After she received news of the assassination, Mercer contacted the Sherriff’s office to inform them of what she had seen.  According to Lane's book and Stone’s film, Mercer was absolutely certain in her interviews with the Sherriff and FBI not only that the package she saw was a rifle, but that the man who sat in the truck’s driver’s seat was Jack Ruby, theman who would later kill Oswald, but whom she allegedly identified from a police mug shot the day before he murdered Lee Oswald on live TV.[4]  Mercer also stated that three Dallas police officers were standing nearby, overlooking the rifle delivery service but doing nothing to stop it.  By the time the film’s hero, New Orleans District Attorney Jim Garrison, tracks Mercer down for an interview, all of her official statements have been replaced with doctored ones, and her signature forged.  “There never was any notary present during any of my questioning,” she tells the D.A.  The film’s Mercer is also suspicious that she was never deposed by the Warren Commission.  And while she appears to be one of Garrison’s most sober, trustworthy, and resolute witnesses, the New Orleans lawman sternly overrules his assistants and refuses to have her testify against their suspect Clay Shaw.  No clear explanation is given for this. 

Jack Ruby after a pre-trial hearing, 1964.

In real life, Julia Ann Mercer’s story was very different from the one offered by Mark Lane and Oliver Stone.  Mercer did not, for instance, merely claim that the truck’s driver looked like Jack Ruby; she also claimed that the man handling the rifle looked like Lee Harvey Oswald.  Her other allegations were disproven by December 9, 1963—less than two weeks after the assassination—which is precisely the reason for which the Warren Commission had no interest in her as a witness.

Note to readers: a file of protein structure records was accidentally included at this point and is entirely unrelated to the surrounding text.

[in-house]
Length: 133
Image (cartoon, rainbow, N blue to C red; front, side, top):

The real Mrs. Mercer made several statements during the days that followed Kennedy’s murder.  These were signed by her and authenticated by various officials working for the local Sherriff, the Dallas Police, the FBI, and the Secret Service.  These include Dallas patrolman Joe Murphy, the person who had the best vantage point and longest involvement with the suspicious truck and its occupants, as well as Rosemary Allen, the Dallas notary public who acted as a signing witness to Mercer’s voluntary statement to the Sherriff’s Department, and who could have easily been subpoenaed by the New Orleans District Attorney to testify concerning Mercer’s participation when these documents were allegedly forged.[5]  Mrs. Allen could also have been interviewed by Mark Lane, or any other conspiracist with the time to contact her.  Yet this has not been the case.  Instead, Lane opened his book with this damning witness testimony, even though it defies our intelligence and, as we’ll soon see, had already been debunked.  For it to be repeated in Stone’s JFK a quarter century later is nothing less than a barefaced lie.    

Actor Kevin Costner as Jim Garrison in JFK (1991)